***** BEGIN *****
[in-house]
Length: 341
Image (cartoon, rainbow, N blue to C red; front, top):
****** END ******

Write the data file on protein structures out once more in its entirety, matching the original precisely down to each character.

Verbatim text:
[in-house]
Length: 341
Image (cartoon, rainbow, N blue to C red; front, top):